Skip To Content

In some alternate timeline of history, the Second World War was fought alongside towering, clunky robot guardians, cobbled together from the remnants of post-industrial revolution-era technology. When the war ended, new peace treaties rendered these demilitarized armored allies neither friend nor foe, leaving them to wander a postwar wasteland without a reason for existence. When we first came across the work of Andrey Tkachenko, this alternate reality was rendered plausible through his unique illustrative style. Lumbering robotic giants coexist alongside hardened veterans in a dystopian world turned upside down by war. Clearly influenced by World War II propaganda art, motorcycling, vintage racing, and science fiction, Tkachenko has created an art-based universe where he is free to explore the limits of this re-imagined world — and make us believe every ounce of it.

Russian-born Tkachenko has been drawing cars and motorcycles as far back as he can remember. Citing artists such as Alexandr Zakharov, Leonid Soyfertis, and Syd Mead as influences in his career and work, he says that it is his goal to always have his work be interesting to the beholder. “I try to give people a new way to see something that has always been familiar to them.”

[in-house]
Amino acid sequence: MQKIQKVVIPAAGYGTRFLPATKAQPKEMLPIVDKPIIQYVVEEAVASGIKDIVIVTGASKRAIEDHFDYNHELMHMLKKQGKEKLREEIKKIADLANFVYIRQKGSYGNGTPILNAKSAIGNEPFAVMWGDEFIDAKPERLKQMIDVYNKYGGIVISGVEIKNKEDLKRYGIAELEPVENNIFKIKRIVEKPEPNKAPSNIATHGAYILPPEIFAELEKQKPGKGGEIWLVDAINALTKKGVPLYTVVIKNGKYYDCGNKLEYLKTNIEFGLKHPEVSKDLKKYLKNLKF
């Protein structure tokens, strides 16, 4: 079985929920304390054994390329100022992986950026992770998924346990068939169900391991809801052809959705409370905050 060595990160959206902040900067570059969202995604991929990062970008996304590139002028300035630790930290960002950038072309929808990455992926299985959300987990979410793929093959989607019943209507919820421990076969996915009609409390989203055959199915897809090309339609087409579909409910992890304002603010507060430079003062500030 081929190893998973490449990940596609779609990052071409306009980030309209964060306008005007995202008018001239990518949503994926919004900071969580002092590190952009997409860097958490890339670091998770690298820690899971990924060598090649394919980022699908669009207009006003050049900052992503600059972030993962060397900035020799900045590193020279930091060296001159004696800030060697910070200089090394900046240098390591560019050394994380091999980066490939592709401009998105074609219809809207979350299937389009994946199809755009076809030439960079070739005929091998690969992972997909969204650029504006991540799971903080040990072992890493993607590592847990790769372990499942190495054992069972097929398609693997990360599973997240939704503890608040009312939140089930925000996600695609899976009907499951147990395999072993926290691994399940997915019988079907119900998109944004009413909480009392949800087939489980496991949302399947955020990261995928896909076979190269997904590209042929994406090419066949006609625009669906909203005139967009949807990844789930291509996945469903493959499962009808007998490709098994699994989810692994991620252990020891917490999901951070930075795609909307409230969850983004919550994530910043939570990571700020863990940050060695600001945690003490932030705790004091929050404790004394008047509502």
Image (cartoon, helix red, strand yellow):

He gains the most satisfaction when his ideas are expressed clearly and people understand where he was going with a certain piece. “It’s the worst thing when I can’t depict my ideas clearly,” Tkachenko says. “But those are the pangs of creativity.” To be able to get those ideas across in his work, he needs to be completely free from distraction. “I need to be alone, to close the door off to the rest of the world and focus on my work,” he explains.

Lately, Tkachenko’s inspiration comes from the films of the modern Marvel Universe, and he hopes that his drawings will eventually lead to the creation of similar movie and video game characters. “I have many big ideas that I want to get out there,” he says. “Hopefully, you’ll see them soon. I think they’ll be very interesting.” In the meantime, we are happy to live vicariously through the worlds that Tkachenko continues to create.